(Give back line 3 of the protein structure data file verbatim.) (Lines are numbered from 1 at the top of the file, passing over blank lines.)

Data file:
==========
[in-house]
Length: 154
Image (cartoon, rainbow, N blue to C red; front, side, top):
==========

Image (cartoon, rainbow, N blue to C red; front, side, top):